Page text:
Number 10 brushes off Nadine Dorries comments and says coronavirus testing ‘so important’

Downing Street has distanced itself from comments made by the health minister Nadine Dorries after she said testing is “not a cure” for the coronavirus outbreak.

The Prime Minister’s official spokesperson insisted testing was “so important” to the Government’s strategy when asked about Ms Dorries’ remarks.

He said: “We acknowledge that more needs to be done in relation to testing. We need to be testing more people, and we need to be making progress very quickly.”

Ms Dorries had said “no amount of tests” could alter the fact that there was currently “no treatment, no cure, no vaccine” for coronavirus.

The MP for Mid Bedfordshire – who has returned to work after recovering from the virus – said: “Testing is not a cure, it won’t cut the number of deaths, it won’t make people feel better or stop them catching coronavirus.”

On Thursday, the deputy chief medical officer made similar claims, dismissing testing as a “side issue”.

“What matters is slowing the rate of new infections,” Professor Jonathan Van Tam said. “And the only way you can slow the rate of new infections, irrespective of whether they’re tested or not – it’s a bit of a side issue, to be truthful with you – what’s important is the social distancing, stopping people coming into contact, so that the rate of new cases slows.”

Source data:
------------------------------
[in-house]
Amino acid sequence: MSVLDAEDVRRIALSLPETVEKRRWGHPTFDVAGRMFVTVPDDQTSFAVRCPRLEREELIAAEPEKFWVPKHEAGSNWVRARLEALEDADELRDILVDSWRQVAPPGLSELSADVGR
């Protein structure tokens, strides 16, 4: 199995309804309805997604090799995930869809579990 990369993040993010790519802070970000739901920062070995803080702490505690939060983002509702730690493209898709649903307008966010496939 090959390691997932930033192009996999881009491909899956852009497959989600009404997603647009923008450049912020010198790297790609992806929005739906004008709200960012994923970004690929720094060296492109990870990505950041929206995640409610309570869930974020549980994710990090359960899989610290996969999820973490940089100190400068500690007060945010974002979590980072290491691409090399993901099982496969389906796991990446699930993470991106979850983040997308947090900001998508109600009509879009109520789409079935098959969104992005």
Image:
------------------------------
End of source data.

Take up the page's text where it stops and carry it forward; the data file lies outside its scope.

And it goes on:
The Prime Minister’s spokesman said the “core” of the Government’s strategy is “stopping people from being infected in the first place” and added: “I think that the words from the Deputy Chief Medical Officer were reflecting that fact.”

Number 10 also confirmed that over 2,800 tests had taken place in drive-through facilities, with a “significant number” of NHS staff being tested in laboratories as well. On Tuesday, 10,412 UK tests took place in NHS and Public Health England labs.

Matt Hancock, the Health Secretary, will set out further measures to ramp up testing during Thursday’s Government press conference.

Downing Street also suggested “immunity passports” could be useful in order to get people back to work. Researchers in Germany are currently preparing a mass study into how many people are immune to Covid-19, which will allow authorities to issue passes to exclude workers from restrictive lockdown measures.

The Prime Minister’s spokesman said: “This is something which has been discussed in other countries. We have always said we are watching closely what other countries are doing and will always look to learn from ideas which could be helpful.”

Source Article